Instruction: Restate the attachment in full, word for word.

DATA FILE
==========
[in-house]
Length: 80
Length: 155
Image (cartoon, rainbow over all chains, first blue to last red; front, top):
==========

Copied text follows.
[in-house]
Length: 80
Length: 155
Image (cartoon, rainbow over all chains, first blue to last red; front, top):